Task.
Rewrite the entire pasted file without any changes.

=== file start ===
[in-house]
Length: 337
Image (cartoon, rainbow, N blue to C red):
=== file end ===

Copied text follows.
[in-house]
Length: 337
Image (cartoon, rainbow, N blue to C red):